“Running businesses differently”- Andy Haldene


Date: 3 March 2016

Venue: Alliance Manchester Business School West

Andy Haldene started his talk with a question: “Who owns a company?” The majority answers from the floor undoubtedly is a shareholders, the one who claim the company’s profit, have a voting and control rights over company board and management, as well as they whose the company’s objective priority. He then stated that among a majority of general public do not trust public companies, especially big companies. Why is this happening?

Whether it’s excessive executive remuneration, unethical practices, the use of monopoly or oligopoly powers, or too much focus on short-termism, the traditional corporate model has faced a rising tide of criticism in recent years.

According to the Bank of England’s chief economist, British company are giving back too much money to shareholders instead of diversifying their portfolio investment strategically. He counselled that firms were “eating themselves” by prioritising the shareholder financially, focusing on dividend payout ratio over investing their excessive earnings on something else.It seems like he did not agree the way corporations are run, condemning the company’s management of serving the short term interest of shareholders at the expenses of the wider economy. Indeed, this is the main reason why the world economy has been at subpar.

Andy Haldenesaid the UK and the US should look at different models of corporate governance that place more diversified weight on the interests of employees and customers.The extraordinary intervention from one of the bank’s highest officials follows growing concerns that the corporations’ failure in the UK and the US to implement long term governances sufficiently will obstruct the country’s economic growth.

If we relate his statement to the Malaysia’s economic perspective, undoubtedly the government-linked companies (GLCs) such as Khazanah Nasional and Permodalan Nasional Berhad are, currently literally among the most widespread and prevailing in the world in terms of capitalisation, market presence and socio-political mandate.These big corporations statistically have been contributing their investment to the public interest especially for local community in Malaysia as well over worldwide. However, the question we need to ask ourselves is will these gargantuan investments be affected if a new economic policy that imposing new trade barriers and regulations such as a newly signed trade agreement like TPPA failed to favour on local corporations? How far Malaysia corporate governance be protected by the state? Undeniably, any failure or lack of enthusiasm to openly acknowledge these adverse eventualities and Malaysia political consequences often precludes vigorous of GLC performance and their preparedness.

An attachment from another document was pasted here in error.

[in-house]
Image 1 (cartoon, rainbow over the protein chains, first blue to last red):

He also reiterated that raising interest rates in the near future will not be his decision even though in the situation when US might raise its interest rate for boosting their market. And he said there were economic risks across the world that could still hit Britain. “For me, the combination of a still-healing economy, very low price pressures and a wobbly world means that there is no rush to move rates from where they are right now. We (The Monetary Policy Committee) will responsible for setting interest rates at the right time on rates and base any future decision on the factual data.” The last time they changed was in March 2009 after its “deepest-ever” recession in 2008. Some economists say that Britain interest rate will remain low as at 0.5% until 2021. He added, “What for you pay something at the premium when you can pay at par?”


Mohamad Sharif Aidid Bin Mohd Daud

BA (Economic and Social Studies)(Hons) Accounting and Finance University of Manchester, UK.

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